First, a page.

Successful ‘joint’ effort by elective surgery team

1 May 2012

A joint care clinic launched last year at Palmerston North Hospital for patients scheduled for hip and knee joint replacement surgery has proved so successful that it has been extended to include shoulder joint patients, as well.

The clinic was an initiative started two years ago by a multi-disciplinary team that covers everything that the patient needs to know, from first clinic appointment through to a safe discharge home.

Two weeks before their surgery, patients attend a two-hour information session at the hospital’s orthopaedic clinic to learn what they need to do to prepare for surgery, their hospital stay, and once they are discharged home.

During these practical sessions, nursing staff, occupational therapists, physiotherapists, and social workers inform patients about such things as: pre-surgery exercises, pain management after surgery, regaining movement after surgery, how to use crutches, correct seating height after surgery, techniques for dressing, how to correctly get in and out of a car, the likely length of stay in hospital, and the do’s and don’ts following surgery. The clinic staff use a mannequin to illustrate all the lines and other equipment a patient may wake up attached to them to take away the fear of the unknown.

Patients also receive advice on what to plan in advance – for example, time away from work (if appropriate), pre-preparing or purchasing meals, shopping, and transport home from the hospital and to physiotherapy appointments.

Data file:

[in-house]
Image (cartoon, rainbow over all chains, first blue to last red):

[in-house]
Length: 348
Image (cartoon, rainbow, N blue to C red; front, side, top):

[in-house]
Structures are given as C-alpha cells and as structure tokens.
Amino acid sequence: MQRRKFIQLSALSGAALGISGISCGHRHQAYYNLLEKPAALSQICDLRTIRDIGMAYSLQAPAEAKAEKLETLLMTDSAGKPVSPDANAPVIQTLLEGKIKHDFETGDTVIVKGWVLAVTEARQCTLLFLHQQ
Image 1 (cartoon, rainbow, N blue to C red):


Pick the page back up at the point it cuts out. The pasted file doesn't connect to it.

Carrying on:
Where possible at the end of the session, patients can take crutches and other necessary equipment home with them, in readiness for use after their surgery.

Patients receive three joint care guide booklets: the first at the first appointment with their consultant, the second at the pre-admission clinic, and a third at the joint care clinic, reinforcing and supporting the information covered in the session.

Maria Shaw, lead clinical nurse specialist in orthopaedics, said the joint care clinic has been very successful in many areas. “One of the most encouraging aspects is that, to date, 229 patients invited to attend the clinic, have all turned up – that means a 100% attendance rate.

“We are able to identify issues early, such as wound infections, which might prevent that patient having their operation and having to be cancelled on the day of surgery. By giving us more time to assess and make these discussions early, we are able to book someone else for that position. So it is reducing theatre cancellations on the day of surgery therefore using theatres to the maximum.

She said another excellent aspect was that those patients attending the joint care clinics were, on average, spending between one and two days less in hospital – freeing up bed space for other patients.

Staff also received positive feedback from patients and relatives. One patient wrote: “I can’t speak more highly of the clinic and all the staff involved with my hip replacement.” Another said: “Great way to prepare people for surgery. Very informative, friendly, very proactive, and I was very impressed. Keep it up.”

Staff across all disciplines are also reporting a marked improvement in how patients are well prepared for their surgery and discharge.

When the clinic was mooted, Shaw said the establishment of the joint care clinic is all about supporting and involving our patients. “By providing practical information that’s given by the same team who will provide the care and support to patients during their time in hospital and after they are discharged.”

Those initial goals have been surpassed, and now other District Health Boards are also showing a keen interest.

The orthopaedic clinic was highly commended for its innovation in last year’s MDHB Health Awards.

Article contributed by MidCentral District Health Board communications